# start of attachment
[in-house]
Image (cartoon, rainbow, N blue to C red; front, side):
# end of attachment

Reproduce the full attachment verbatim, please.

[in-house]
Image (cartoon, rainbow, N blue to C red; front, side):